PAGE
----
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Possible Susceptibility Gene for Multiple Sclerosis
By Edward R. Winstead

Scientists have identified a gene that appears to be a risk factor for multiple sclerosis (MS) and may cause the disease to progress more rapidly than normal. People who have two copies of a particular variant of the gene, known as CD24, were significantly more likely to develop MS than other people in the study.

Also, people with two copies of the gene variant on average progressed from their first symptom to not being able to walk unassisted eight years sooner than MS patients with one copy or no copies of the variant.

“The importance of this study is to demonstrate that this gene is part of the cause of the disease,” says Yang Liu of Ohio State University in Columbus, who led the research. The study included 242 people with MS and 207 healthy individuals.

Multiple sclerosis is a chronic disease of the central nervous system. Its symptoms include fatigue, weakness, and loss of balance. The cause of MS is not known, but multiple genes probably play a role. The incidence is higher among the family members of people with the disease than in the general population.

The CD24 variant implicated in MS involves a change of just one chemical “letter” of DNA. This is called a single nucleotide polymorphism, or SNP (pronounced “snip”).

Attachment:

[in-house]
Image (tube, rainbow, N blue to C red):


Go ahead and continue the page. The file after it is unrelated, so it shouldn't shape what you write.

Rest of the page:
Liu and his colleagues were somewhat surprised that such a small change could make such a big difference, but they had suspected that CD24 might be a susceptibility gene for MS because the same gene in mice is associated with MS.

Liu’s findings appear in the Proceedings of the National Academy of Sciences. The study included researchers from OncoImmune, Ltd., which is a Columbus-based company co-founded by Liu.

There is no commercially available test for the gene variant and the researchers are not recommending that people be tested just yet. They want to understand more about the gene’s role in MS, which is not yet clear, and study the gene in other groups of patients.

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Zhou, Q. et al. CD24 is a Genetic Modifier for Risk and Progression of Multiple Sclerosis. Proc Natl Acad Sci USA 100, 15041-15046 (December 9, 2003).


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